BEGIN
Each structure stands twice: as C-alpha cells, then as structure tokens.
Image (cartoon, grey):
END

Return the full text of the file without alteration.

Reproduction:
Each structure stands twice: as C-alpha cells, then as structure tokens.
Image (cartoon, grey):